The Ecologist


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Women in Jepara's teak forest area harvest ground nuts, Central Java, Indonesia, June, 2009. Photo: Murdani Usman / Center for International Forestry Research (CIFOR).

Local communities, not global financiers, are the best forest managers

Isaac Rojas / Friends of the Earth International

2nd November 2015

A new paradigm of forest conservation is gaining ground, writes Isaac Rojas: 'financialising' them and the climate and ecological services they provide to global investors. But this is a false solution - and one that excludes the local and indigenous forest communities who can truly be relied upon to sustain their sylvan heritage. more...
All rights reserved! Image: Frits Ahlefeldt-Laurvig via Flickr (CC BY-NC-ND).

All rights reserved! The final leaked TPP text is all that we feared

Jeremy Malcolm / EFF

12th October 2015

The leaked chapter of the Trans Pacific Partnership chapter on intellectual property represents a wholesale attack on internet freedom, investigative journalism, and the wider creative commons, writes Jeremy Malcolm. While massively advancing corporate financial interests in binding clauses, the parts that purport to protect information users are soft guidelines that cannot be enforced. more...
Old water tank in Niland, California. Photo: Kevin via Flickr (CC BY-NC-SA).

The water is ours!

Javan Briggs

7th October 2015

Water is life, writes Javan Briggs. And it belongs to all of us. California's water shortage is caused, not by 'drought', but by massive long term over-pumping. And as the crisis worsens, the response under the 'water as property' model is just to pump all the harder. We must manage water as a commons - to sustain us all, not to profit the few. more...
Scotland's Social Justice Secretary Alex Neil with Kimberley Stoddart, a tenant of West of Scotland Housing Association. Photo: Scottish Government via Flickr (CC BY-NC).

Community Energy Fortnight - to participate is to resist!

Jonathon Porritt

11th September 2015

This year's Community Energy Fortnight is taking place at a strange time, writes Jonathon Porritt, with the entire renewable energy industry under government attack as never before. What can we do about it? For a start, by joining in some of the hundreds of events that are taking place across the UK! more...
The answer, my friend, is blowing in the wind. Cairn Gleamnach in the foreground, Drumderg wind farm behind. Photo: Stuart Anthony via Flickr (CC BY-NC-ND).

Who owns the wind?

Adam Ramsay

29th July 2015

The wind is a force of nature over which only someone with extraordinary delusions of grandeur can truly claim ownership, writes Adam Ramsay. But to prevent that, we must assert our belief that wind, sun and other drivers of our renewable future are a common heritage for us all to benefit from. more...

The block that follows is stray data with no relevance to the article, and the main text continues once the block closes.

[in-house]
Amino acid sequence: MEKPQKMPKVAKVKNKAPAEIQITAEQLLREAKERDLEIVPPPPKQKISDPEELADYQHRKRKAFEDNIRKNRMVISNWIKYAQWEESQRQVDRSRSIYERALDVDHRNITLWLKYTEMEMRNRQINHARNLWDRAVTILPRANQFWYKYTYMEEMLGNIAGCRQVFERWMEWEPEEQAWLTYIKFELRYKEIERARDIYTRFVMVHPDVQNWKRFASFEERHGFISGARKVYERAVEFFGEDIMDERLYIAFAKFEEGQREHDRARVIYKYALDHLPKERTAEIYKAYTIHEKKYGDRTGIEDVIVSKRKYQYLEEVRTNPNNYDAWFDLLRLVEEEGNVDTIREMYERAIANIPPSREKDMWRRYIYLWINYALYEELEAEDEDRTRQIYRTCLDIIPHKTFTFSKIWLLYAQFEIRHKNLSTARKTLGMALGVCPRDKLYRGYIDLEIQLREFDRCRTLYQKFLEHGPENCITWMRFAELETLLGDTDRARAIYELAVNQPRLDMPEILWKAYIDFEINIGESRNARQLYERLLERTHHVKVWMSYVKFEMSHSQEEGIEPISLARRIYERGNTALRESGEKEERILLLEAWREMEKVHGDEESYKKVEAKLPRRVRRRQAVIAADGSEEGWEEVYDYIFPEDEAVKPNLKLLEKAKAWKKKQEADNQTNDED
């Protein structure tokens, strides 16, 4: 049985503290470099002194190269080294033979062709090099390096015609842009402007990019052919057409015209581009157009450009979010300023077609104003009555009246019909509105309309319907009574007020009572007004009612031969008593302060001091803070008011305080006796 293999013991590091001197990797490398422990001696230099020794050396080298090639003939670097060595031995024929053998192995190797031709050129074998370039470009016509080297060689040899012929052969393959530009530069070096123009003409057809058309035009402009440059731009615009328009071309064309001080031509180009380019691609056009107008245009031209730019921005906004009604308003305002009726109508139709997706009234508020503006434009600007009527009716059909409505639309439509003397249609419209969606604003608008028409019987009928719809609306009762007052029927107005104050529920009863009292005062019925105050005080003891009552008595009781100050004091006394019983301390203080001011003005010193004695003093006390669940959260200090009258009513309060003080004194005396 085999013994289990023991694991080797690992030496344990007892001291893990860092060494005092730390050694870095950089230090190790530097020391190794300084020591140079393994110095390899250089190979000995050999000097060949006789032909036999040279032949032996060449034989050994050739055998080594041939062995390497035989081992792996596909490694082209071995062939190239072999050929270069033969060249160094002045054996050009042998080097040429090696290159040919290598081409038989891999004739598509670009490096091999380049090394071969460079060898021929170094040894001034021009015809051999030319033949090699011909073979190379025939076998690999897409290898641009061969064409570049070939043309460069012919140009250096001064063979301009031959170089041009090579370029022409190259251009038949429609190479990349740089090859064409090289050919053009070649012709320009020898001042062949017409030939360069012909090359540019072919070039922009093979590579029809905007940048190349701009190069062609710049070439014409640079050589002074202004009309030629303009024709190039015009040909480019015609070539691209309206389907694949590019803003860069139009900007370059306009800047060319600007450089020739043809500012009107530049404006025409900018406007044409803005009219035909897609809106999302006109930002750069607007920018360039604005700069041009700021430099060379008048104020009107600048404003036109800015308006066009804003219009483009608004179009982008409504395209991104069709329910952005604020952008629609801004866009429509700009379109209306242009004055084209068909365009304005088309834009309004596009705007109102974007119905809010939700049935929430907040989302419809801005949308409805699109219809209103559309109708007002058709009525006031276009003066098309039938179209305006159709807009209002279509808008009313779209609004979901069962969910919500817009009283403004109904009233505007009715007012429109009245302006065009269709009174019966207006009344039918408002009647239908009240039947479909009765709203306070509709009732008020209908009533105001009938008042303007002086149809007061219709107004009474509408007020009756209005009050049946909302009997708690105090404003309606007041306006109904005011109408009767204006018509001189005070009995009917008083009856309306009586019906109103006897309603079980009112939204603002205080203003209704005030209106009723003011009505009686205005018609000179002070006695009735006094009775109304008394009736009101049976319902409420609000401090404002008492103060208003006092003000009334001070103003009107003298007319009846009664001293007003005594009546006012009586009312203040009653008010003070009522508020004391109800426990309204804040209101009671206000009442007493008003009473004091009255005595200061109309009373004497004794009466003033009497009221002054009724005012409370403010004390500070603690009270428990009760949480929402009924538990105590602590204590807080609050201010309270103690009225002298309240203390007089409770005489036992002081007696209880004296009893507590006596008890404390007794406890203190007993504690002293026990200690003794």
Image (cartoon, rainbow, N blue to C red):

Quechua mother and child in the Sacred Valley near Qosqo (Cusco), Peru. Photo: Thomas Quine via Flickr (CC BY).

Enclosing the indigenous commons in highland Peru

Arthur Scarritt

14th July 2015

Under the guise of a land-titling project, Peru is breaking up and privatising indigenous common lands across the Andean highlands, writes Arthur Scarritt. While the law provides for communal titling and democratic votes, in practice there's no provision for communities to exercise these rights, and the many are being dispossessed in favour of large, 'efficient' market-oriented producers. more...
Whose water is it anyway? Photo: ricardo / via Flickr (CC BY-ND).

California is the 'canary in the coalmine' of global drought

Maude Barlow

1st July 2015

California's drought is a harbinger of things to come around the world, writes Maude Barlow. Because of global warming, yes - but also because the Golden State is an exemplar of the 'water as property for corporate profit' neoliberal paradigm that's taking over the world. It's now essential to assert water as a Commons - to be both justly shared, and fiercely protected! more...
Officers on anti-burglary patrols in the West Midlands, where dispersal powers have been used following burglaries. Photo: West Midlands Police via Flickr (CC BY-SA).

Freedom of speech, assembly, protest? All are nixed by new police powers

Josie Appleton

26th June 2015

UK police now have free rein to create 'dispersal zones' in public places, writes Josie Appleton. This allows them to exclude people for anything from street drinking to looking suspicious, being homeless, protesting, or merely 'congregating'. This represents a serious breach of our Common Law and Magna Carta rights. more...
The Bois Dormoy is a unique green oasis in the heart of metropolitan Paris and its multicultural community. It should be treasured, not destroyed! Photo; via Bois Dormoy on Facebook.

Paris must remember: climate solutions are small, local, green, and begin at home

Marc Brightman

17th June 2015